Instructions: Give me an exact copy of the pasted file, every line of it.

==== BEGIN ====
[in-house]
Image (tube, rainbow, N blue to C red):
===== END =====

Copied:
[in-house]
Image (tube, rainbow, N blue to C red):